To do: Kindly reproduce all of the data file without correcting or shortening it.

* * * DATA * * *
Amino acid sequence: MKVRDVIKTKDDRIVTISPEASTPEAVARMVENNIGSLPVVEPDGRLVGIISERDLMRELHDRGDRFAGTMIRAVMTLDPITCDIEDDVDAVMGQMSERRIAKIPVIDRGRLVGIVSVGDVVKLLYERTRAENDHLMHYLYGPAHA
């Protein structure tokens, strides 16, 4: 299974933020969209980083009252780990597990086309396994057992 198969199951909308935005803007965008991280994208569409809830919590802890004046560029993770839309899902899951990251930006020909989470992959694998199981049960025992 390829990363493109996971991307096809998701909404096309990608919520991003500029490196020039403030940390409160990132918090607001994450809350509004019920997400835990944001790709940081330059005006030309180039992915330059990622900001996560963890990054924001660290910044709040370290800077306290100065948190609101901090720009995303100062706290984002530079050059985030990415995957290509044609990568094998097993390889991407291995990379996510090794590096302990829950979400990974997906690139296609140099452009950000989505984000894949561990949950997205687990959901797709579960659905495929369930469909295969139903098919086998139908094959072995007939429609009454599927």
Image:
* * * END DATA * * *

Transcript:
Amino acid sequence: MKVRDVIKTKDDRIVTISPEASTPEAVARMVENNIGSLPVVEPDGRLVGIISERDLMRELHDRGDRFAGTMIRAVMTLDPITCDIEDDVDAVMGQMSERRIAKIPVIDRGRLVGIVSVGDVVKLLYERTRAENDHLMHYLYGPAHA
């Protein structure tokens, strides 16, 4: 299974933020969209980083009252780990597990086309396994057992 198969199951909308935005803007965008991280994208569409809830919590802890004046560029993770839309899902899951990251930006020909989470992959694998199981049960025992 390829990363493109996971991307096809998701909404096309990608919520991003500029490196020039403030940390409160990132918090607001994450809350509004019920997400835990944001790709940081330059005006030309180039992915330059990622900001996560963890990054924001660290910044709040370290800077306290100065948190609101901090720009995303100062706290984002530079050059985030990415995957290509044609990568094998097993390889991407291995990379996510090794590096302990829950979400990974997906690139296609140099452009950000989505984000894949561990949950997205687990959901797709579960659905495929369930469909295969139903098919086998139908094959072995007939429609009454599927």
Image: